Lessons learned in the middle of a Kickstarter Campaign
By George Kahn
The Jazz & Blues Revue is now 21 days into our 40-day Kickstarter campaign. We have reached the half-way mark, and we are basically on track, having raised almost exactly half of our $18,000 goal. 
We are close enough that I am confident we are going to hit or exceed the mark, and make our album.  I am now starting to finalize plans for the completed project.  This is the fun part: scoping out recording studios that we can use for the album, and interviewing people to do the album and poster design.
We are not there yet, and the energy needed to make it to the finish line on July 11 is daunting.  This last week brought some new revelations, as well as some lessons that you may find helpful in your crowd-funding adventure.  Here are the four biggest "A-Ha"s of this week
1.    Keep people involved in the experience
Now that we have over 100 backers, it is important to keep these people involved and committed to the project.  Kickstarter gives you a really simple system to send updates to your backers, either as a group or individually.  Each week I have sent individual thank you messages to new backers.  Now I am also sending out group emails as I research the studios, and add new "rewards" for people who support our project. Remember - people aren't just pre-ordering a product.  They are buying an EXPERIENCE, not just a disc of songs.
2.    Keep the web page fresh

This week we added two rewards by special request.  One was a way for people outside the US to order our music, and the second was a chance to have the Jazz & Blues Revue sing you a "Happy Birthday" message.  People who visited the site requested both of these, so I knew there was a need that I could fill. Adding rewards, or posting more pictures or answers to FAQ's (frequently asked questions) keeps the site fresh, and gives you a reason to tell people to visit again.  The master of this idea is Muertos (Day of the Dead Playing Cards)   Throughout his campaign, Steve Minty kept adding product, photos and videos as they hit new targets.  His original goal was to raise $13,000, and in the end he had 2,793 backers and raised over $159,700.


3.    Keep people engaged OFF the internet, as well
Our music (a living history of Jazz & Blues music from the 1940's to the 21st Century) attracts people of all ages, but honestly, a lot of our fans are older and not as plugged in to Facebook and the Internet.  This week has been a lot of outreach into the "physical" world - passing out flyers at networking events, meeting people for lunch and asking them to participate, etc.  Today we have another house party where we will play our music and have iPads set up for people that want to donate.  I have also found that many people love our Kickstarter site, but do not feel comfortable pledging money on the Internet, even when Amazon.com handles the "back office".  So I have set up alternative ways that people can donate without having to create a Kickstarter log in, or deal with the Internet at all.  We keep a log of the donations, and a list of their respective rewards.  Then one of our band members "pledges" the money, so it shows in our Kickstarter totals.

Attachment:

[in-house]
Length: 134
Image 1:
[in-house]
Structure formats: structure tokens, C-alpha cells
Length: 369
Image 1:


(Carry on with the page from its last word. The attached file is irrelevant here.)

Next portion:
4.    There is no "Magic Bullet"
Somehow I had the belief that "crowd-funding" and "viral marketing" meant that I could post a great project, tell a few key people, and then somehow the Internet would work its magic and suddenly hundreds of total strangers would be throwing money at us.  Guess what?  If that sounds like a dream, it is.  So far about 10% of the backers have come from discovering us on Kickstarter.  The rest have come from our databases, our outreach and our hard work.  There is no "magic bullet".   Like in any business proposition, it is whom you know, and knowing when and how to ask for help.  We can dance around the subject, but in the end we are FUNDRAISING, and it is challenging and rewarding work.
I still love the Kickstarter platform - it gives credence to our project.  People recognize the brand and are willing to check it out.  The systems they provide make running the campaign easy.  But I can't forget - it is a campaign and I am running it - it won't run itself.